America’s oldest bald eagle will no more wing its way above the state of New York. The 38 year old bald eagle, which accounted much to the population restoration in New York, was found dead on the roadside after being hit by a vehicle.
Authorities found the eagle dead earlier this month in New York. Eagle No. 03142, as it was tagged, was captured as a nestling back in 1977 from Puposky Lake near Bemidji, along with three other bald eagle chicks. The eagles were later transported to New York as a part of the population restoration program of Bald Eagles in the city.
Back in 1981, the eagle was released at the Montezuma National Wildlife Refuge after reaching the breeding age. For all the following years, the bird remained as the resident male of the Hemlock Lake territory, an area which was the abode of the then-last breeding pair of bald eagles.
Carrol Henderson of Minnesota Department of Natural Resources has been quoted as saying that the longevity of the eagle to be incredible. “I would never guess they would last that long”, said Henderson who was also part of the team that captured the nestling from Minnesota.
The average life-span of a bald eagle is considered to be around 20, and anything above that gets tagged as being old. The oldest bald-eagle before this had the life-span of 33 years. Although with the dead eagle considered to be the oldest, many believe some of the untagged eagles to be aged more than 38 years.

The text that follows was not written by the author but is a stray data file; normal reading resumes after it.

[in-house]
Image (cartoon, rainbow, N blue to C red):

Currently, the bald eagles enjoy a healthy status in terms of its population, which was not the case during the mid 1900s. Population of breeding pairs in the US during 1960 was considered to be less than 500, with a factor accounting to its depletion being DDT consumption.
Year 1972 witnessed the ban of DDT in America, following which several states joined hands for the restoration programs. During the ten year span between 1977 and 1987, Minnesota – a state richly populated with bald eagles – transferred bald eagle chicks to five states including New York.
A total of eight eagles were transported to New York during this period, among which Eagle No. 03142 was one among the first batch of eagles to cross the state boundaries.
By 2007, the species got removed from the list of threatened and endangered species by US Fish & Wildlife department.